The World 11/20/1902


The Century 5/1909


Apparently his newspaper work required him to travel for extended periods of time, so this may have been why he was not counted in the 1900 U.S. Federal Census. The naturalization documents place him in New York City beginning May 6, 1901. The birth of his first child, in February 1904, suggests he was married in Spring 1903, if not earlier. In this decade he produced the strips Horace the Hero, The Richleigh Family, The Wish Twins and Aladdin’s Lamp, and Madge the Magician’s Daughter, which ran in the San Francisco Call from September 2, 1906 to August 25, 1907. (At Hogan’s Alley, Tom Heintjes writes about Madge and includes 13 full-color pages.) A search of eBay found several issues of Harper’s Weekly and Harper’s Monthly, in this decade and the next, with his drawings.

The 1910 census recorded Wilson and his family in Freeport, Hempstead, Nassau, New York at 53 South Lena Avenue. He was married to Ellen, who was Irish, and had two children. His parents were born in England. He was a portrait artist. According to the 1915 New York State Census, he lived in Union Course, Queens, New York at 449 Lott Avenue. The household included a third child and his wife used the name Nellie. A World War I military record for him has not been found.

In the following federal census, he remained in Queens, New York but at 8409 105th Street, where he continued as an artist. The 1925 state census, recorded him on the move again, this time at 90-24 178 Street in Jamaica, Queens, New York. 



with Arthur Crawford (+a.c.); Harper’s Magazine 11/1920

Wilson was a commercial artist in the 1930 census. His family lived in Queens Village, Queens, New York at 107-40 Robard Lane. The New York Times, April 3, 1931, noted the following real estate transaction: “…Edward J. Farrell, the broker, also sold for Gertrude F. Rado her residence on Hudson Boulevard to William Oliver Wilson of Queens Village.” The Brooklyn Daily Eagle, February 13, 1933, reported an upcoming art exhibit.



Modernist Work to Be Shown at Art Guild Exhibit
The Long Island Art Guild on Wednesday night will open its first show at the Queens Borough Public Library, 159th St. and Shelton Ave., Jamaica….

…Ebbitt A. Levitz, secretary of the guild, says that the feature of the show will be new and younger artists, who reside on Long Island, and have not as yet been able to show their work to the public. The oldest entrant is W.O. Wilson, 70, who will show a painting entitled “5th Ave. and 42nd St.” The composition was five years in the making….


In 1940, he, his wife and youngest child, William O. Wilson Jr., lived in Long Beach, New York at 161 West Hudson Street. Apparently, their son, a clerk, cared for them. A World War II draft card (the so-called “old man’s draft” in 1942) has not been found for Wilson Sr. According to draft documents, Wilson Jr. enlisted on February 24, 1941 and was single without dependents. Apparently Wilson and his wife were still self-sufficient or cared for by their other children.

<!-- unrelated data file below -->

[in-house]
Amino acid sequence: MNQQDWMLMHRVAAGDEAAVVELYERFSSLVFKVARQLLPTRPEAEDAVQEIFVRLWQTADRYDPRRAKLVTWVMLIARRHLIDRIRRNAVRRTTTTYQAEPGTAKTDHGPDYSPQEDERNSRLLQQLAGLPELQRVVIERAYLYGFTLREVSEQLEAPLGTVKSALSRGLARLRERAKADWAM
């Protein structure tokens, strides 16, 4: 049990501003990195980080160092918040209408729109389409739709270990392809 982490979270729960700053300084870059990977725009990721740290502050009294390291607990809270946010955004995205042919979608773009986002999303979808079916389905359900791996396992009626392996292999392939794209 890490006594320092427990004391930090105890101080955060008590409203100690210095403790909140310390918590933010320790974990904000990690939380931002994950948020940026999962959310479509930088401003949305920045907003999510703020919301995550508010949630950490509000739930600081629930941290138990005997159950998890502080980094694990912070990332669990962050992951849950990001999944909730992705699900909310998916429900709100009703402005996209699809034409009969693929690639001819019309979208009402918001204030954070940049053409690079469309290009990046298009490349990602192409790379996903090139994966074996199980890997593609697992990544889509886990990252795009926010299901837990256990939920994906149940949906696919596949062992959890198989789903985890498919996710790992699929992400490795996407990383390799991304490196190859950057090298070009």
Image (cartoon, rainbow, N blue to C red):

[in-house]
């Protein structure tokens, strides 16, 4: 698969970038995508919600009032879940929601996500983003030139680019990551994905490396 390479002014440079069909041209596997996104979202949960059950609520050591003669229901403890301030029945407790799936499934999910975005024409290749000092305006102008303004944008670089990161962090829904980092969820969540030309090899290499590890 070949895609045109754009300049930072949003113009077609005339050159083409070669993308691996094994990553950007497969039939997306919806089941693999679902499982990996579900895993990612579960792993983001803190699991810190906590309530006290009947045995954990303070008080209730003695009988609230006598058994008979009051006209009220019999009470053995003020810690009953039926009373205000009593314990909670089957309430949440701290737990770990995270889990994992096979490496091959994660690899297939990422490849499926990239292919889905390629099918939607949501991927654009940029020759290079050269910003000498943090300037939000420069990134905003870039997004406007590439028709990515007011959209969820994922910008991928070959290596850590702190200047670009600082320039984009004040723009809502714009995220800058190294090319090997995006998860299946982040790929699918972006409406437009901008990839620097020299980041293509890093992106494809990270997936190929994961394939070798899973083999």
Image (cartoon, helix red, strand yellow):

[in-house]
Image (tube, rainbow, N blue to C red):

[Updated 4/9/2013] The Brooklyn Eagle, June 9, 1950, reported the passing of Wilson:

William O. Wilson, Artist
Long Beach, June 9—William O. Wilson, former commercial artist and newspaper cartoonist, died Wednesday [June 7] at his home here. He was 84.

Mr. Wilson had been with a number of Manhattan and Philadelphia newspapers prior to his retirement 25 years ago. He is survived by his wife, Mrs. Ellen Beirne Wilson; two sons, James P. and William O. Wilson, Jr.; a daughter, Helen M. Wilson, and three grandchildren.



He was buried at the Cemetery of the Holy Rood, Westbury, New York.

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Are you going to mention or advertise the new book? I followed one of your European follower's advise and ordered it from the British Book Depository, who do a presell for a couple more days for 125 euros (including postage, or as they say: postage free).
 
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Monday, July 02, 2012

 

Obscurity of the Day: Horace the Hero


W.O. Wilson worked in newspaper comics for at least seven years (1902-08), worked for three major syndicated papers (New York Herald, New York World and Philadelphia North American), had a Sunday feature that appeared regularly for five years (Wish Twins and Aladdin's Lamp), and has found a new generation today who appreciates him for one of his excellent series, Madge the Magician's Daughter (it actually has an iPhone app!).

Yet, bizarrely, there seems to be no one who knows anything about the guy! I looked through every reference book that seemed likely to yield a crumb or two about him, and I came up dry -- not even a first name! So consider this obscurity of the day more rightly a plea for information -- are you able to contribute? Will our ace people finder Alex Jay work some magic? We'll see...

Today's obscurity is Wilson's first known series, and it was a cute effort, but short-lived. Horace the Hero ran only from April 13 to May 4 1902 in the New York World. It features a fellow who fancies himself a daredevil, and who, predictably enough, has his stunts backfire.

Quiz: only three American newspaper comics that I know of featured a character named Horace in the title; this one, another 1900s obscurity called Hallucinations of Horace, and one more that ran for three decades -- can you name it? And no fair Googling...

Thanks to Cole Johnson for the scans!

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Wasn't Dotty Dripple's husband named Horace?
 
Martin's BABE 'N' Horace, topper of BOOTS AND HER BUDDIES.

Fortunato
 
Very good Fortunato!

Dotty's hubby was Horace, but he wasn't in the title, so honorable mention to ShadZ!

--Allan Holtz
 
I know it doesn't count, but outside of the U.S., the obvious title is A MAN CALLED HORACE by Kettle & Christine for the London Daily Mirror syndicate.
 
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Sunday, July 01, 2012

 

Jim Ivey's Sunday Comics